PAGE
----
Minneapolis made national headlines last December when it took the unprecedented step of permitting duplexes and triplexes in single-family home zones across the city. This attempt at citywide up-zoning was part of the city’s comprehensive plan known as Minneapolis 2040, which the City Council passed in a remarkable 12-1 vote. The zoning reform was a direct effort to confront its history of redlining and segregation. The Minneapolis 2040 plan affords greater density in single-family neighborhoods and allows for more mixed-income housing.
Further west, Oregon is set to become the first state to address single-family zoning on a statewide basis. This summer, the legislature passed House Bill 2001, which would strike down local bans on duplexes in every low-density residential area in all cities with more than 10,000 residents and all urban lots in the Portland metro area. In cities of more than 25,000 and within the Portland metro area, the measure would authorize triplexes, fourplexes, attached townhomes and cottage clusters on some lots in all areas zoned for residential use.
Other state and local governments are taking up the cause, too. Earlier this year, Seattle’s city council unanimously voted to up-zone 27 neighborhoods, hoping to generate about 3,000 new low-income apartments over the next ten years. And in California, the legislature has made 2 consecutive attempts to reduce zoning regulations: SB 827 of 2018 and SB 50 of 2019 would have allowed for greater density near major transit hubs. Both bills died in committee over concerns related to gentrification and displacement, but the ongoing dialogue reflects an acknowledgement that land use must be addressed. California is expected to take up the legislation again in 2020.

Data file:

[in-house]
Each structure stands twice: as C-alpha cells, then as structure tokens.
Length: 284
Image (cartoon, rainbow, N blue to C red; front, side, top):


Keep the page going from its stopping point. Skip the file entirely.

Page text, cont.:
Land use can be a critical tool for addressing affordability as well as the legacy of housing segregation. Enterprise’s research on Understanding the Small and Medium Multifamily Housing Stock has shown that addressing the national scarcity of “missing middle” housing is key to expanding the supply of affordable homes, since this housing type accounts for 54 percent of all rental homes nationwide.
However, zoning changes alone cannot address the nation’s affordability challenge and will not guarantee that any new housing is built – the gap between availability and need is too wide a gulf for one idea to solve. As we note in our research on Bending the Cost Curve, many other regulatory barriers to development beyond limits to by-right development, including excessive parking minimums, strict building codes and lot size minimums, can inhibit the development of affordable housing and create cost challenges.
Planning for equitable and flexible land use must be complemented with additional resources, policies, and programs that can help increase the production and preservation of affordable housing. Therefore, we urge the interagency Council on Eliminating Barriers to Affordable Housing to complement any recommendations on land use with a robust set of policies that aim to increase resources for production and preservation and fully fund housing assistance commensurate with the needs of our communities.